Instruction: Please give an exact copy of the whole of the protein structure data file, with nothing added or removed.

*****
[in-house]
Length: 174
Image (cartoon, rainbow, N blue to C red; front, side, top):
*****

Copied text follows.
[in-house]
Length: 174
Image (cartoon, rainbow, N blue to C red; front, side, top):